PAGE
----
These results indicate that both PP and nitrogen (or oxygen) plasma modification is an effective strategy for fabrication of an enzyme-friendly platform in CNT-based amperometric biosensors. The effectiveness of the nitrogen or oxygen plasma treatment is probably due to the introduction of carboxyl or amino groups to the side wall surface of the CNTs. This experimental evidence of introduction of functional groups is experimentally reported by Khare’s group (Khare et al., 2005; Khare et al., 2004; Khare et al., 2002).

As a result, the hydrophobic surface of the CNTs is changed to a stable hydrophilic environment that facilitates contact with GOx. Additionally, when comparing between nitrogen and oxygen plasma treatment, the current response with nitrogen plasma was slightly larger than that with oxygen plasma. This is attributed to difference of functional groups. Nitrogen plasma treatment can introduce positive charge (amino) groups, whereas oxygen plasma treatment can introduce nagetive charge (carboxyl) groups (Everhart and Reilly, 1981). Therefore, the negatively charged GOx (pI = 4.2) is densely loaded onto positively charged surfaces than onto negatively charged surfaces (Muguruma et al., 2006).

media/image11.jpg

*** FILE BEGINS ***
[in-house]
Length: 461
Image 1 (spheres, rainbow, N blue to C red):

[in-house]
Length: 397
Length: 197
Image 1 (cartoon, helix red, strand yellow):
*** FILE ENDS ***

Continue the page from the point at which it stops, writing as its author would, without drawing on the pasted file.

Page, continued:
Figure 11.

Operational stability of the biosensor under continuous operation. The polarization potential was +0.8 V vs. Ag/AgCl at a glucose concentration of 48 mM, with an electrolyte of pH 7.4; 20 mM phosphate buffer solution. Working electrodes are (a) GOx/CNT/PP/Au (no overcoating) and (b) PP/GOx/CNT/PP/Au.

3.7. Comparison between single- and multi-walled CNT

Figure 9 shows the responses of several glucose sensors, each of which was prepared using different types of CNT: single-walled CNT and multi-walled CNT (SWCNTs, 20-30-nm-diameter MWCNTs, and 40-70-nm-diameter MWCNTs). When comparing these CNTs, the increment in current is SWCNTs > 20-30-nm-diameter MWCNTs > 40-70-nm-diameter MWCNTs. SWCNTs are the most suitable materials among CNTs. However, the relationship between current due to glucose and plasma power for the treatment of MWCNT is unclear. The possible explanation for this is that the GOx molecule is a compact ellipsoid with approximate dimensions of 12.2 × 8.3 nm2 (measured by atomic force microscopy) (Muguruma et al., 2005). Then, the redox center exists at the smaller pocket in the larger (10 nm) three-dimensional structure of GOx. The dimension of SWCNTs (1.2-2 nm) is smaller than that of GOx, whereas that of MWCNTs (> 20 nm) is larger than that of GOx. Therefore, almost all of the reaction centers of GOx were intact and connected to SWCNTs.

3.8. Effectiveness of the second PP layer over the immobilized enzyme